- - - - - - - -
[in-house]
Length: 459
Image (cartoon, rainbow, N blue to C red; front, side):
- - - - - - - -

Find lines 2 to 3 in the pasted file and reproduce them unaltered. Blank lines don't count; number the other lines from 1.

Length: 459
Image (cartoon, rainbow, N blue to C red; front, side):